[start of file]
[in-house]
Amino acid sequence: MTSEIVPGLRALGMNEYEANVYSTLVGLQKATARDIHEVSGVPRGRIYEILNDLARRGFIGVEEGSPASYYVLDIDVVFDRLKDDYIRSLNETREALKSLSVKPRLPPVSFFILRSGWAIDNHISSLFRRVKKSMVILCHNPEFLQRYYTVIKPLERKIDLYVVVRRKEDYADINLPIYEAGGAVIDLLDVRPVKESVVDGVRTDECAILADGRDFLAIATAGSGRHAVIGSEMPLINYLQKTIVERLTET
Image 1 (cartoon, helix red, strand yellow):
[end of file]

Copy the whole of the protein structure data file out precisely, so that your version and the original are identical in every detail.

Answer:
[in-house]
Amino acid sequence: MTSEIVPGLRALGMNEYEANVYSTLVGLQKATARDIHEVSGVPRGRIYEILNDLARRGFIGVEEGSPASYYVLDIDVVFDRLKDDYIRSLNETREALKSLSVKPRLPPVSFFILRSGWAIDNHISSLFRRVKKSMVILCHNPEFLQRYYTVIKPLERKIDLYVVVRRKEDYADINLPIYEAGGAVIDLLDVRPVKESVVDGVRTDECAILADGRDFLAIATAGSGRHAVIGSEMPLINYLQKTIVERLTET
Image 1 (cartoon, helix red, strand yellow):